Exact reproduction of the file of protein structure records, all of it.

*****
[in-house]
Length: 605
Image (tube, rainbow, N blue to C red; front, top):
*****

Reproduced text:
[in-house]
Length: 605
Image (tube, rainbow, N blue to C red; front, top):